WASHINGTON — President Donald Trump’s pick to take over the Department of Veterans Affairs downplayed his management inexperience in his first public interview since his nomination, saying his time in the military has honed his leadership skills.
Dr. Ronny Jackson, who has served as White House physician since 2006, told the Lubbock Avalanche-Journal of Texas, his hometown newspaper, that he has heard the criticism concerning his ability to take over the nearly $200 billion department with 385,000-plus employees.
But he remains undeterred.
“I’ve been in leadership school for 23 years now ... and I’ve been able to rise to the level of an admiral, a flag officer in the Navy,” he said. “I didn’t just stumble into that. So I’ve gotten a lot of leadership background, I’ve got a lot of leadership experience as a Navy officer, and I’ve got a lot of day-to-day leadership experience
“You know, I’m not just an officer in the Navy; I’m an emergency medicine physician in the military. I’ve been confronted on a day-to-day basis with life and death decisions.”
Jackson was a surprise pick as the next VA secretary, following the dismissal of David Shulkin from the role last month.
He is an Iraq war veteran who deployed as an emergency medicine physician with the Surgical Shock Trauma Platoon in Taqaddum, Iraq, in 2005. He served as the White House doctor for Trump and also former presidents George W. Bush and Barack Obama, directing health care for not only the commander in chief but their senior staff and Cabinet officials.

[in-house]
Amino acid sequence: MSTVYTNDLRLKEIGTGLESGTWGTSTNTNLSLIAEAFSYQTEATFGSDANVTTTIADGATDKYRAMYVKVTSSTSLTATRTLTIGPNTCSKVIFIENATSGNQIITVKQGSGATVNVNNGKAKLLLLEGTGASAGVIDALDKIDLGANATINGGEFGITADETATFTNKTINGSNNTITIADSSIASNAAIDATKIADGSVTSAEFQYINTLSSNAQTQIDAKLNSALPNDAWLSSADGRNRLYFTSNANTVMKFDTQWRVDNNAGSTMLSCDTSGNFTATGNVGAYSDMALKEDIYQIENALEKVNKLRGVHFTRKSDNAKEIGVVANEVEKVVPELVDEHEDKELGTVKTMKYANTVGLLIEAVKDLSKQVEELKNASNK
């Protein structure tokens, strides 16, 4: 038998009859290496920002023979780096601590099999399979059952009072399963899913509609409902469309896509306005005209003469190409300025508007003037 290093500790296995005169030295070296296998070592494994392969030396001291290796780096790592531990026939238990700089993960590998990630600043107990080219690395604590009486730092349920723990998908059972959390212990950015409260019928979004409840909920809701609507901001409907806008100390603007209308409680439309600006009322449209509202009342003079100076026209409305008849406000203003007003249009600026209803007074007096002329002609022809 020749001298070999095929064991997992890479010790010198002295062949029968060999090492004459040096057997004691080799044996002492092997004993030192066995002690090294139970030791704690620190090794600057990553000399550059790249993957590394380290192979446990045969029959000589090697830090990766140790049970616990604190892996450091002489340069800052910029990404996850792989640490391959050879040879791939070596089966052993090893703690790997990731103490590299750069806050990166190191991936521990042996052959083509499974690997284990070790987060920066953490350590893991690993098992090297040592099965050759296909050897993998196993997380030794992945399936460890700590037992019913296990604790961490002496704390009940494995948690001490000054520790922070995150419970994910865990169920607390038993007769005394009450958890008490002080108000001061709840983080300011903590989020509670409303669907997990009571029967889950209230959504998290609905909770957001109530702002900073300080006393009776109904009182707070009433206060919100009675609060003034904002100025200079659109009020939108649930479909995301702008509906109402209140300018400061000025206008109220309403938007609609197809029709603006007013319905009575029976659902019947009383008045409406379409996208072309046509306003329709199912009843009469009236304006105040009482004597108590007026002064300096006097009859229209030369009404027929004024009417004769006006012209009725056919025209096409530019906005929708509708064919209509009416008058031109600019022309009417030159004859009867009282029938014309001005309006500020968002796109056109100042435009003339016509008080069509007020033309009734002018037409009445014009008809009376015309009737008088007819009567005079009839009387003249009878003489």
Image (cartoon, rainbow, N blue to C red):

Jackson told the Avalanche-Journal he had planned to retire from the military after Obama’s presidency ended, but Trump convinced him to stay on staff. Now, he’s poised to make the move from leading a small medical staff at the White House to a Cabinet secretary post.
He acknowledged it’s a promotion he never expected.
“I really haven’t planned my life out real meticulously,” he told the paper. “I’ve just kind of tried to enjoy what I’m doing and do a good job, and one thing has led to another.”
Jackson still has not retired from the military, but White House officials said he intends to do so as his confirmation process progresses. Active duty military officers cannot serve in Cabinet roles.
Although not a veteran yet himself, Jackson said he is familiar with the needs of his fellow service members and is focused on delivering “the absolute best care” to them.
“I’ve been overseas, and I’ve been deployed in combat zones with Marines and soldiers and airmen and sailors, and I’ve seen first-hand what they go through, the injuries and the things they come home with,” he said.
“I’ve seen how that happens, and how devastating it is to them and their families. I just want to make sure that we do our part as a country, and we let them know that we appreciate that and we take care of them.”
No timetable has been set for Jackson’s confirmation hearings.
Leo covers Congress, Veterans Affairs and the White House for Military Times. He has covered Washington, D.C. since 2004, focusing on military personnel and veterans policies. His work has earned numerous honors, including a 2009 Polk award, a 2010 National Headliner Award, the IAVA Leadership in Journalism award and the VFW News Media award.